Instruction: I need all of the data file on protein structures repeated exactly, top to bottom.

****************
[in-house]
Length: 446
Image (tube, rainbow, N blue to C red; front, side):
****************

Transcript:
[in-house]
Length: 446
Image (tube, rainbow, N blue to C red; front, side):